Trust nothing and no one as you race toward the explosive conclusion of the gripping psychological thriller Complicit from Stephanie Kuehn, the William C. Morris Award--winning author of Charm & Strange.
Two years ago, sixteen-year-old Jamie Henry breathed a sigh of relief when a judge sentenced his older sister to juvenile detention for burning down their neighbor's fancy horse barn. The whole town did. Because Crazy Cate Henry used to be a nice girl. Until she did a lot of bad things. Like drinking. And stealing. And lying. Like playing weird mind games in the woods with other children. Like making sure she always got her way. Or else. But today Cate got out. And now she's coming back for Jamie.
Because more than anything, Cate Henry needs her little brother to know this one simple truth: She's not the crazy one and never has been.
When reading Complicit, trust nothing and no one as you race toward the explosive conclusion of this gripping psychological thriller from the William C. Morris Award - winning author of Charm & Strange.
My phone is ringing.
In the morning.
The phone keeps ringing. Or not ringing reallythe Monk song I have programmed is what's playing, and the notes, the beat, sound sort of sad, sort of mournful, against the bleak-black December night. I groan and fumble around in the sheets. I like to be prepared, so I sleep with my phone beneath my pillow just in case someone calls. No one ever does, of course.
Except for now.
More fumbling, but my fingers find the phone at last. I slide it out and hold it in front of my face. My eyes are bleary and my brain slow, but what I'm seeing on the touch screen finally registers:
"Hello?" I say.
Nothing. I hear nothing.
"Who is this?"
No response, but I press the phone closer to my ear. No one speaks, but I hear something. I do. Short feral bursts of noise. Organic. Like a faint sobbing.
"Hey," I say, a little louder than before. I want to make sure that I'm heard. "I know you're ...
Complicit definitely falls into the genre of psychological thriller; there is never any doubt that Jamie is on the edge of madness. The novel feels like an authentic look at the battle with mental illness; one can see what it might be like to lose one's ability to interpret and make sense of the world.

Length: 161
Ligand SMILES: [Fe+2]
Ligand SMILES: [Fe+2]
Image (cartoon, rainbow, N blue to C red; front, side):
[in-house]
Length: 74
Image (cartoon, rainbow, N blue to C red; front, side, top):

(Reviewed by Sarah Tomp).
Full Review (754 words).
Jamie Henry, the narrator of Complicit is given many diagnoses and explanations for the physiological symptoms he fights on a daily basis. At one point he is told that he has Conversion Disorder which seems to explain many of his troubles, including the paralysis of his hands when facing a stressful situation.
Conversion Disorder is a type of Somatoform Disorder — a mental illness where an individual reveals psychological stress in physical ways. (For related information about Somatization, please refer to Beyond the Book for One Doctor). There is a wide range of severity and frequency within this diagnosis. The symptom could be as simple as a stomach ache or as complex and limiting as complete paralysis. There is no clear ...
If you liked Complicit, try these:
In the tradition of Patricia Highsmith's Tom Ripley novels comes a deliciously unsettling tale of psychological suspense that delves into the mind of a man with a chilling double life.
The stunning vistas of the Rocky Mountains reveal a dark and deadly side in this brilliantly conceived thriller about family ties and the fight for survival.
The Kopp Sisters Return!
One of the nation's first female deputy sheriffs returns in another gripping adventure based on fact.
Solve this clue:
and be entered to win..
Visitors can view some of BookBrowse for free. Full access is for members only.
Your guide toexceptional books